The justice which is at the heart of spirituality here is as Martin Luther King Jr. says: ““Power without love is reckless and abusive, and love without power is sentimental and anemic. Power at its best is love implementing the demands of justice, and justice at its best is power correcting everything that stands against love.” One could also that justice is what love looks like when put to action in our relationships.
And so to do justice is to work to resist and remove systems that oppress, abuse, destroy, and harm ourselves, other people, and other living creatures (even the earth itself). In every aspect of our lives – in our workplaces, our schools, in our nations and towns, even in our families – there exist patterns that scapegoat others, push out those viewed as “not worthy”, that abuse or exploit someone or some part of nature. These patterns and systems dishonor the true sacredness of the lives of others, of nature, of ourselves.
The spiritual life is this humble walking in connection with God as found in our own inner life, in connection with other people, and in connection with the life found in nature and other living things.
Evil is that which both on personal levels in our attitudes and actions, as well as in systems and patterns in our families, schools, work places, communities, neighborhoods, cities, nations, and the world at large overlooks or dishonors the sacredness of other people, ourselves, and other living things and which so excludes, oppressed, abuses, and exploits such ones.
The interesting thing when we consider our experience of suffering is when evil and holiness are viewed in such a way, one can see how when we embrace our suffering not as an enemy but as a teacher on our spiritual journey in the ways in which St. Paul, Richard Rohr, and Jesus seem to treat it, how much sense this begins to make. Since whether choose the path of compassion all our spiritual paths teach is holiness or the path of self-interest and indifference all our spiritual paths teach is evil, I will suffer either way, I can choose to pay attention to my own pain and let it open me up to what their suffering is life in the lives of the people around me and even in the experience of other living things.
If I do that my experience of suffering truly can be my best teacher. For as I endure the inevitable pains of life I am being given an education that can help me learn how to be mindful of others’ pains, sorrows, and joys.
This in fact is the Christian message on suffering. As 2 Corinthians says, “Blessed be the God and Father of our Lord Jesus Christ, the Father of mercies and the God of all consolation, 4 who consoles us in all our affliction, so that we may be able to console those who are in any affliction with the consolation with which we ourselves are consoled by God. 5 For just as the sufferings of Christ are abundant for us, so also our consolation is abundant through Christ. 6 If we are being afflicted, it is for your consolation and salvation; if we are being consoled, it is for your consolation, which you experience when you patiently endure the same sufferings that we are also suffering. 7 Our hope for you is unshaken; for we know that as you share in our sufferings, so also you share in our consolation.”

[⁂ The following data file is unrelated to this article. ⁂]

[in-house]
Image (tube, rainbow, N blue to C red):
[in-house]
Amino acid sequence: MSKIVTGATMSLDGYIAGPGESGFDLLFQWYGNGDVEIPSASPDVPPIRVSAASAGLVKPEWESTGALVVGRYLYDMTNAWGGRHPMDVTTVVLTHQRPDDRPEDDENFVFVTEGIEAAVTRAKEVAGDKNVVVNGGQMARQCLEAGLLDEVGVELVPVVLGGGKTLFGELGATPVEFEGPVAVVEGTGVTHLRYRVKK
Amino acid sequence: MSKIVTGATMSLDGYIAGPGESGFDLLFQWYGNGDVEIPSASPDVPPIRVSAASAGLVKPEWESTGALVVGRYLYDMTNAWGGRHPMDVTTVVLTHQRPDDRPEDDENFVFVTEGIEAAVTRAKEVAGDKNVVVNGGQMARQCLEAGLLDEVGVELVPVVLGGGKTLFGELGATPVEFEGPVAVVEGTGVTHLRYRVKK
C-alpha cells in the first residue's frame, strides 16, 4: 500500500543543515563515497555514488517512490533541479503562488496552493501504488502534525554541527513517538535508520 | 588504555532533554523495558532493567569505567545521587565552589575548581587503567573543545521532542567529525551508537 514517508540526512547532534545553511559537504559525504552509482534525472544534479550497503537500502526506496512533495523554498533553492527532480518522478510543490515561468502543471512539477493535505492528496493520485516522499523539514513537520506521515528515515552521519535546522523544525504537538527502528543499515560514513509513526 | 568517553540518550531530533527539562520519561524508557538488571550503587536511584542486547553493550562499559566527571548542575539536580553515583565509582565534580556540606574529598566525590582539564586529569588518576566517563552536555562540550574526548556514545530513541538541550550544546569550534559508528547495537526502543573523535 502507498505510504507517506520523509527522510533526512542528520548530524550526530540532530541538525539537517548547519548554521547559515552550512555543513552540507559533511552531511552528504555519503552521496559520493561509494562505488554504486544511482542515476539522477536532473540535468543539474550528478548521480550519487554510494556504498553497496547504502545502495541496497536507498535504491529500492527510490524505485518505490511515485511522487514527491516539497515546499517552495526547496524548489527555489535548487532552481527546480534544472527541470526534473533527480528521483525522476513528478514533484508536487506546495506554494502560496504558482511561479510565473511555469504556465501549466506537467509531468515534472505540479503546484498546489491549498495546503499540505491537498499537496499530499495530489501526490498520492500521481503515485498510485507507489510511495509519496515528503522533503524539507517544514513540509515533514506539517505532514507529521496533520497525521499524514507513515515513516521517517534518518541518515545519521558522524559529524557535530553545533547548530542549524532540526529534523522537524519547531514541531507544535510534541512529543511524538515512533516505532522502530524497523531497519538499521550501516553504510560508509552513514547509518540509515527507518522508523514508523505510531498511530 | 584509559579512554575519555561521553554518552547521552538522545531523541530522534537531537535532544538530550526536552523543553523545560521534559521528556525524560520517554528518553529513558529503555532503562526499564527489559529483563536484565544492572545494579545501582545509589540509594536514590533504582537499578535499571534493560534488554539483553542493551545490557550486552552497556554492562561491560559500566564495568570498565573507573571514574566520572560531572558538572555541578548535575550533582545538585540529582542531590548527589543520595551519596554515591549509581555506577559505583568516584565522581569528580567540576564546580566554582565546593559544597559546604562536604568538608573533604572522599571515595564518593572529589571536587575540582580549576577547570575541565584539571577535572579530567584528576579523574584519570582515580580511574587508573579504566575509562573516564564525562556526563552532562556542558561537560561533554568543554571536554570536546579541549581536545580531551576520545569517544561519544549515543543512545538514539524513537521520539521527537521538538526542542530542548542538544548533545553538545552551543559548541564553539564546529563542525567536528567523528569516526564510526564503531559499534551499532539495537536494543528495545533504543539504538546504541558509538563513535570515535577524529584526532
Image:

Such insight is not unique to the Christian faith. When asked how he could respond to the Chinese people with such understanding and compassion in light of how they had historically abused, exploited, persecuted, and pushed out the Tibetan Buddhists to whom he was responsible as spiritual leader, the Dalai Lama once said that in his practice of meditation, he pays attention to his own experience of suffering, using it to understand his people’s suffering, and then meditates on the suffering of the Chinese people. As he does so, he says it enables him to transform his pain not into vengeful rage but into a deep identification with their unique experience of pain which is not unlike his own, an identification that is the birthplace of a compassion for them.
Let us hear the call of this prayer, to embrace each experience without judging it as evil or good even if is painful but instead as something which can teach us. For all we experience and each person or living thing we encounter, including this living world on which we live, can if we let it be another shining light on our path to living with lovingkindness and compassion, justice, and humble walking with God.
Your progressive redneck preacher,